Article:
Most of Aruba’s prestigious high-rise hotels are located to the north of the capital near Eagle and Palm beaches. If you are looking for more of low key options, you will find several boutique hotels right in Oranjestad as well as in the south around the town of Savaneta. Keep in mind the difference in options and amenities between high-rise Palm Beach hotels and low-rises is significant, but so are the prices. For couples ready to splash more consider staying at adults only Bucuti & Tara Beach Resort located at the most stunning part of Eagle Beach and arguably the whole island. This 4 star hotel has a full service spa and is located walking distance to Aruba’s nightlife hotspots and some great restaurants. For those travelling with whole families, consider instead Mariott’s Aruba Ocean Club with its beautiful waterfall pools and plenty of amenities for kids and adults alike. For a family on a budget, check out Mill Resort & Suites also located on Palm Beach, which offers great value and a good location close to all the action.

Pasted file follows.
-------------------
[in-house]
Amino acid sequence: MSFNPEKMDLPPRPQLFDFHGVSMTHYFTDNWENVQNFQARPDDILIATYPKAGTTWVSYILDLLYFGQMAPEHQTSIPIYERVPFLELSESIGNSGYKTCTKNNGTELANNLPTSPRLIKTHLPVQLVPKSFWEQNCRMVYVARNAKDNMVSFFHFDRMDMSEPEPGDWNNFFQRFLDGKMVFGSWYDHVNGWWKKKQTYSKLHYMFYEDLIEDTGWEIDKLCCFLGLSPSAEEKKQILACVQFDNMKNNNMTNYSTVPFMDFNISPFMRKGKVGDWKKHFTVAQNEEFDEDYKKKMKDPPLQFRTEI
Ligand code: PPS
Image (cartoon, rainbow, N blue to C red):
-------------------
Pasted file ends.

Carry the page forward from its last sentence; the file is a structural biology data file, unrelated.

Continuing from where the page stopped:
Our personal favourite outside of the busy north-west of the island is a low-rise Baby Beach Vacation Home, with relax terraces overlooking the Caribbean sea and located 5 minutes’ walk from the famous Baby Beach.
Food & restaurants
Dutch cuisine and dishes are prevalent on Aruba. You want to be sure to try at least a couple of local specialties like Pastechi (pastry filled with cheese and meat), Pan bati (cornmeal pancake) or Keshi yena (baked cheese with meat stuffing). Local food shops and supermarkets are very well-stacked and carry foods from both, Europe as we as the US. Food prices are pretty high, but not too excessive.